There’s an app for everything from tracking our fertility, comparing our growing bumps to weird fruits and vegetables, and timing our contractions during labor. Then after we have the baby, the temptation to calculate only continues with apps for logging nursing sessions, sleep patterns, wet diapers, and more. So. many. logs.
While I enjoyed being able to calculate my pregnancy, I realize now that it set me up for failure when it comes to becoming a mother. All the reading and logging trained me to treat my baby as the “text book baby,” which is probably why he gave me one hell of a labor, laughing at my thoroughly-vetted birth plan.
My baby has his own personality. He is not part of a universal blob of babies who come out with predictable patterns and preferences. He is unique. Our bond is unique, and I can read him better than the most savvy of apps.
I would have probably stepped into motherhood with much less anxiety if I had found more confidence and flexibility in this concept of me as a legitimate source.
It’s no one’s fault but my own. This is not a blog bashing experts and baby books. People did warn me – “No matter what, be open,” and “Mother knows best – always follow your instinct.” These phrases surround us during pregnancy just as much as the overbearing resources. But, I’m susceptible to outsourcing things to “experts” and “data” because I’m a planner. I like validating my feelings with facts and findings. Plus, teaching yourself how to tap into your intuition is much harder than simply reading A-Z articles on parenting. So I fell for the latter.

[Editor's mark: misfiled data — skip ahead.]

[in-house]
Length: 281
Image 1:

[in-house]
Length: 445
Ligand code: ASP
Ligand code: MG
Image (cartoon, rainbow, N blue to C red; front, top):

Then when my beautiful baby came stubbornly into this world, I didn’t understand him because I was not prepared to simply listen to him. I was prepared to follow more articles, because that’s all I knew how to do – research.
The experts told me he would love to be swaddled. I didn’t understand why he punched and kicked out of every swaddle as I tirelessly tried every burrito-style tutorial I could find on YouTube.
I didn’t understand why he was nursing every hour on the hour, rather than the standard 2-3. I knew it was impossible to “overfeed,” but I felt self-conscious every time someone questioned why I was nursing so much.
I didn’t understand why he hated lying in his crib; didn’t all babies sleep in cribs? Why else do people build those things? I said I would never co-sleep, damnit. I felt so torn for going back on something I said I would “never” do.
It was a turbulent first month. I had anxiety through the roof as I was forced to finally tune out the world’s opinions on my baby and form my own damn opinion on my baby. I gave so much credit and validity to outside experts that I devalued the most important expert of all – me. He’s my baby.
You see, it is not science. It is nature.
It’s holding him close at night and knowing that he is able to fall asleep because our heartbeats align.
It’s seeing those little hands flail towards his mouth and watching his squishy face sway side-to-side knowing that’s his cue for milk.
It’s knowing he’s upset when his little eyebrows start turning red, and knowing just how to soothe him by running the shower and bouncing on an exercise ball.
It’s knowing my baby.
Sometimes, we make things so much harder than they need to be. The journey to motherhood is not characterized by us and all of our preparations. It is characterized by our babies, who are nothing short of these incredible little humans who will connect with you as the mama in ways you didn’t think were possible. Your baby is not just dependent on you; your baby will work with you.
Ironically, if I had done a little less research, I probably would have been more prepared.